Dovel Subsidiary, AceInfo, Awarded USDA Crop Insurance Software Delivery Support Services Task Order

MCLEAN, Va., Oct. 14, 2020 /PRNewswire/ — Dovel Technologies announced today that Ace Info Solutions, LLC (AceInfo) has been awarded a Task Order from the U.S. Department of Agriculture (USDA), Farm Production and Conservation (FPAC) Risk Management Agency (RMA) for Crop Insurance Software Development Delivery Services. The RMA’s mission is to serve America’s agricultural producers through effective, market-based risk management tools and solutions to strengthen the economic stability of agricultural producers and rural communities. In 2019, RMA managed nearly $115 billion worth of insurance liability.

The USDA Crop Insurance Software Delivery Support Services task order, awarded through the USDA FS DAITSS BPA contract vehicle, has a base year plus three option years and an estimated value of $59M. Under this Task Order, AceInfo will provide a full range of software development services to support the development and delivery of new crop insurance products, sustain and modernize current

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Delta Air’s Must-Hold Support Level After Earnings Miss

Delta Air Lines  (DAL) – Get Report shares are under pressure, down about 2% after the Atlanta carrier reported its quarterly results.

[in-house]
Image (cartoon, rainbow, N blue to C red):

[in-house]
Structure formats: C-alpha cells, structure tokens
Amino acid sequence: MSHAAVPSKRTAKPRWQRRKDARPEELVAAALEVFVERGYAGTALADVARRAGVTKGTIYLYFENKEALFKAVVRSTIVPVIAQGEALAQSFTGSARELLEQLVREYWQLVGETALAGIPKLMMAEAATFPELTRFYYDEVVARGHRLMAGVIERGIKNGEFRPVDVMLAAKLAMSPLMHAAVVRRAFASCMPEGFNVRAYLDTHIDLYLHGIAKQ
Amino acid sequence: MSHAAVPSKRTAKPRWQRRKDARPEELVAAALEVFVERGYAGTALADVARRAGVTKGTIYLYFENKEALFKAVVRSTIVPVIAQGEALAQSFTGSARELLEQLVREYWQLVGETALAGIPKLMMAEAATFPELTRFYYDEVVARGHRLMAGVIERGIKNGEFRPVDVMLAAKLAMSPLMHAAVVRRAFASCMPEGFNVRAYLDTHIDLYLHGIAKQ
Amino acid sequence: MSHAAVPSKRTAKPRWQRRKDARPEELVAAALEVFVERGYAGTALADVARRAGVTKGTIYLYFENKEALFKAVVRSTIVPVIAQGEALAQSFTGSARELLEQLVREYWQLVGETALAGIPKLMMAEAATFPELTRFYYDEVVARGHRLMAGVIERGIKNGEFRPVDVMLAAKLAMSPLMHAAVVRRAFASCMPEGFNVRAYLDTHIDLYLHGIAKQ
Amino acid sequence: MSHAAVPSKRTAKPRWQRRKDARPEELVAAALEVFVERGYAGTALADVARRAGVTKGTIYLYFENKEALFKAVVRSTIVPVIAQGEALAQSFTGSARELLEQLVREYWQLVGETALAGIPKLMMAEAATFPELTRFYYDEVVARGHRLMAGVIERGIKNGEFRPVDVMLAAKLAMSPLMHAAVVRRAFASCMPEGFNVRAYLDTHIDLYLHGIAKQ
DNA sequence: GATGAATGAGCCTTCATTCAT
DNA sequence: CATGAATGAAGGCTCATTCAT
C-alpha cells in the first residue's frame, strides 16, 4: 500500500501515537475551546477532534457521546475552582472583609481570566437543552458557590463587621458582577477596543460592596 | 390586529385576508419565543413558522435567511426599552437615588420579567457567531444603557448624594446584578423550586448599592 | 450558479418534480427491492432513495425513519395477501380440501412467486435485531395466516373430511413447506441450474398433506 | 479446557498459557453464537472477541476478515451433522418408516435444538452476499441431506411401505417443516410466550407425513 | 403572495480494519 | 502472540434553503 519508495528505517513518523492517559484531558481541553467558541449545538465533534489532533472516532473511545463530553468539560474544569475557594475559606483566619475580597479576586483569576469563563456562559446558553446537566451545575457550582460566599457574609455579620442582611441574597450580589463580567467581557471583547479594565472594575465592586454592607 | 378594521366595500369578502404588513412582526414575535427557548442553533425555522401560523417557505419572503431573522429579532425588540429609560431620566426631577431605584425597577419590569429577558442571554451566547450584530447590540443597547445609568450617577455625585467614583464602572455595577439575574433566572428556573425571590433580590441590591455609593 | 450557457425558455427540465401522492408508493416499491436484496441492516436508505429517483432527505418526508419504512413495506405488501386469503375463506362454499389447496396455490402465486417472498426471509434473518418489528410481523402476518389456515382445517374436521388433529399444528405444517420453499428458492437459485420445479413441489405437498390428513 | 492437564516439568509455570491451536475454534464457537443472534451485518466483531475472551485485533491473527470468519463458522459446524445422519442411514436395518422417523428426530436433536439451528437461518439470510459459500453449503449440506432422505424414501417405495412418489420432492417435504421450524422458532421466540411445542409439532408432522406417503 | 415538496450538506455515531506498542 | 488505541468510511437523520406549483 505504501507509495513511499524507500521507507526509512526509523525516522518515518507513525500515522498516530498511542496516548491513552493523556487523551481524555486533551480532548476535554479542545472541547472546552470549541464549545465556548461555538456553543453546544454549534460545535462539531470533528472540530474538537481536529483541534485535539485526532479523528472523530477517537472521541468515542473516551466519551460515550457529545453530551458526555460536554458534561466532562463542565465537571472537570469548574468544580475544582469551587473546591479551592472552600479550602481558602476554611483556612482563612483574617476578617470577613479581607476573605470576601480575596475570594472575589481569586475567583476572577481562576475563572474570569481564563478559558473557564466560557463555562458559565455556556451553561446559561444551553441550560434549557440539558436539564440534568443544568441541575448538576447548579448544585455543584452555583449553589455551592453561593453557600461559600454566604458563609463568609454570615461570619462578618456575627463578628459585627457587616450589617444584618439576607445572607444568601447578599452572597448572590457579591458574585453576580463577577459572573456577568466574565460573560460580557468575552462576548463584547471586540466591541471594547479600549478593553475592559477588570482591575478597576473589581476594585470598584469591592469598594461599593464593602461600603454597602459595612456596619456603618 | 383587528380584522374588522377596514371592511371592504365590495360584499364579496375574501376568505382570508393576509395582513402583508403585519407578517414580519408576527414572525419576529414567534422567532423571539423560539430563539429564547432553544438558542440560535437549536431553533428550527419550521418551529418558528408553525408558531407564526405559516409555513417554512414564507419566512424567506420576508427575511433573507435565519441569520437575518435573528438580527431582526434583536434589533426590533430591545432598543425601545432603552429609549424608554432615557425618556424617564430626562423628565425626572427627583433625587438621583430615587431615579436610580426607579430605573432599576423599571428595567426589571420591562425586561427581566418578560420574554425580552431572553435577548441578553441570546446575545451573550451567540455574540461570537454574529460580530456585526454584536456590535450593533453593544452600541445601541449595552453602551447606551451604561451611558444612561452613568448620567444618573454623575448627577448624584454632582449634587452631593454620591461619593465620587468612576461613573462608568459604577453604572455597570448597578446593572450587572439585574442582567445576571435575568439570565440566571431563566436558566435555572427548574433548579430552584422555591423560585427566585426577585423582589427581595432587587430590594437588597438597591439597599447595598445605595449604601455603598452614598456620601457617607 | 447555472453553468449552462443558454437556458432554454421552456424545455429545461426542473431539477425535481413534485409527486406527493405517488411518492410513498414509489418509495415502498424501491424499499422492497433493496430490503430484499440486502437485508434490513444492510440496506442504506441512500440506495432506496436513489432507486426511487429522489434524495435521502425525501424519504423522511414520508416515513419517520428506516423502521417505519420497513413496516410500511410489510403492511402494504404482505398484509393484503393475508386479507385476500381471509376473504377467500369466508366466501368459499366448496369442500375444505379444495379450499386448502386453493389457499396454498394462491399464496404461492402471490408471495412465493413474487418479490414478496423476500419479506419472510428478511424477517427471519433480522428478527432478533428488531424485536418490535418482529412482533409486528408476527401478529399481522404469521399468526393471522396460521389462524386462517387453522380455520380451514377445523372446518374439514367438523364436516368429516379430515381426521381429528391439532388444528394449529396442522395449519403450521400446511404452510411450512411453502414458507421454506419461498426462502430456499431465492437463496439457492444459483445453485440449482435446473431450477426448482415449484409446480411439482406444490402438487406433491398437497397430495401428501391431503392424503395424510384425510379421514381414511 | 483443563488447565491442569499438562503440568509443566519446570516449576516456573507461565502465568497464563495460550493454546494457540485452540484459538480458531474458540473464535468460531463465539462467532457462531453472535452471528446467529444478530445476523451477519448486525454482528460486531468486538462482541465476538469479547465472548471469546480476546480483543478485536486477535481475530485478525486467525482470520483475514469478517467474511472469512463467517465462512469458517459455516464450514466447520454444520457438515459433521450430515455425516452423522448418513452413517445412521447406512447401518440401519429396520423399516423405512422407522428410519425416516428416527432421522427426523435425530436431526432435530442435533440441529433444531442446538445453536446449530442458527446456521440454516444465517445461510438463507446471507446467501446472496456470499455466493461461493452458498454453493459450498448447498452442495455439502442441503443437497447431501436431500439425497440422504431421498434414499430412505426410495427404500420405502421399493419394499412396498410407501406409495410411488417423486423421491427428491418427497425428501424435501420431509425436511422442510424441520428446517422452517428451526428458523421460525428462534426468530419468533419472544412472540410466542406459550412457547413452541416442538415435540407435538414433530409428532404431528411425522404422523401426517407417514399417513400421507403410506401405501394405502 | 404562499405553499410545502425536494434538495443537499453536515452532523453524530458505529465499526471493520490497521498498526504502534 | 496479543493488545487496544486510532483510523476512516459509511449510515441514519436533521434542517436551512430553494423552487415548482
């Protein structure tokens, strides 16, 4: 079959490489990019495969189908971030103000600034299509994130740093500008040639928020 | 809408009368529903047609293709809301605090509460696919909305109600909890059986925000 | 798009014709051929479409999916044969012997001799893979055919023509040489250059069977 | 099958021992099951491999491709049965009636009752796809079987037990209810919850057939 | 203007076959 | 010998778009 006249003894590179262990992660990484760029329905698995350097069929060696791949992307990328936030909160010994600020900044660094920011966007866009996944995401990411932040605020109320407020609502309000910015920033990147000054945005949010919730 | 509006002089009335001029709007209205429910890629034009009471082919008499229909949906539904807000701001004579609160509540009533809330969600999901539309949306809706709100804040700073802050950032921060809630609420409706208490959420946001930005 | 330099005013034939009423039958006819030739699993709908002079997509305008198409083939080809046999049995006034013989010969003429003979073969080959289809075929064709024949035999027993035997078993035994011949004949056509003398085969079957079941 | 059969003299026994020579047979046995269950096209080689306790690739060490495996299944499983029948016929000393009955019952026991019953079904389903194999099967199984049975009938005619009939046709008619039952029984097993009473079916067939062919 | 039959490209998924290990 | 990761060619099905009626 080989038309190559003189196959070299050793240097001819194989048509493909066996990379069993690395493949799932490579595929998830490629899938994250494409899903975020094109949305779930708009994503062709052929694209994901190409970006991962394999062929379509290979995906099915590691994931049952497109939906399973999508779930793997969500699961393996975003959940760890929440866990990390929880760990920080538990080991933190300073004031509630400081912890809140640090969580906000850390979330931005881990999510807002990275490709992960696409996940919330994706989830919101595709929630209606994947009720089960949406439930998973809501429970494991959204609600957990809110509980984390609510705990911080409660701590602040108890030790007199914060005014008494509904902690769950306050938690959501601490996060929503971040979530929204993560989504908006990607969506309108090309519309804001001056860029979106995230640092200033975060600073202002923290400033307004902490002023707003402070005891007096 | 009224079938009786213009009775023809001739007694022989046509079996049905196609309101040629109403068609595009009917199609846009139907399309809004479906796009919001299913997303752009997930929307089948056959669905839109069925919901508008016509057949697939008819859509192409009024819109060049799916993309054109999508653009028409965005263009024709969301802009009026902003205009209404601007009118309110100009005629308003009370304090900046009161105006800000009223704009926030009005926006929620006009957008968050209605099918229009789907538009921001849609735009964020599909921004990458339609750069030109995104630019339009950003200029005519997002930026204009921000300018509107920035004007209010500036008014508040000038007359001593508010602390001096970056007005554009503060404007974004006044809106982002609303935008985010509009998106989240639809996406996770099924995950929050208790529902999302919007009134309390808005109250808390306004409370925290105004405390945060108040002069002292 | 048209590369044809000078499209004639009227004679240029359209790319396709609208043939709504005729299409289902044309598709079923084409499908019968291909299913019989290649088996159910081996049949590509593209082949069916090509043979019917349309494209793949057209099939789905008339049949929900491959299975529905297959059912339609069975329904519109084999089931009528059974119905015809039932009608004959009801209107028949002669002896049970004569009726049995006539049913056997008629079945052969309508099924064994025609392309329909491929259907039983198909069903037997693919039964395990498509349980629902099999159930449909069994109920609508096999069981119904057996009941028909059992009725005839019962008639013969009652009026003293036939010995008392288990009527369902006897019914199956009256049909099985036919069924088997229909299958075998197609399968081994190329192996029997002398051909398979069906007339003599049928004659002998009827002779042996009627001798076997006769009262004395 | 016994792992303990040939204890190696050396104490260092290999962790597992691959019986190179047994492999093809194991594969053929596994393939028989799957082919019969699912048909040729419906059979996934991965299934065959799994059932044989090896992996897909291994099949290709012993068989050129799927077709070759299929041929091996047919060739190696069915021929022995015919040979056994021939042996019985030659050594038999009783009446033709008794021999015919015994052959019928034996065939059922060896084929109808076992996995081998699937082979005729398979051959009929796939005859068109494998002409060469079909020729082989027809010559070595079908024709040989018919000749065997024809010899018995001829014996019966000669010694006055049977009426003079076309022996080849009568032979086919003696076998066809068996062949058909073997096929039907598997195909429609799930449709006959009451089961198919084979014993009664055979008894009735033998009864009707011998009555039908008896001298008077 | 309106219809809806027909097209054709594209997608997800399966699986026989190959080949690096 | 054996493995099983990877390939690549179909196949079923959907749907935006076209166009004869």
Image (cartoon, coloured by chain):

That is actually decent price action for the stock, considering what the company turned in.

Revenue plunged 76% in the third quarter and Delta reported a loss of $8.47 a share. That was only marginally better than the prior quarter.

The company posted an adjusted loss of $2.3 billion, “although that figure excluded around $4 billion of charges linked to the pandemic.” 

Also concerning is the fact that management said traffic would likely take at least two years to return to prepandemic levels.

Despite the poor results and the bad news, Delta stock isn’t getting crushed. That has my attention.

Trading Delta Stock

Daily chart of Delta stock.

Daily chart of Delta stock.

Given the current situation, Delta is doing the best it can. But these are

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Hoping to shore up support, Trump directs more money to farmers

It’s been nearly three years since Donald Trump spoke at the American Farm Bureau’s annual convention, where the Republican strutted like a man who assumed he was among adoring fans. “Oh, are you happy you voted for me,” the president said, straying from the prepared text. “You are so lucky that I gave you that privilege.”

It wasn’t long, however, before Trump launched a misguided trade war, which had the predictable effect of hurting much of the domestic agricultural industry. It wasn’t long before we started seeing reports on “farm-state fury” over the White House’s agenda.

The president’s solution has been straightforward: he’s repeatedly directed billions of dollars to farmers, and as the New York Times reports today, “government money is flowing faster than ever” now that Trump needs farmers’ electoral support.

Federal payments to farmers are projected to hit a record $46 billion this year as the White House

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Unviable? Wave of job losses coming as UK cuts COVID support

By David Milliken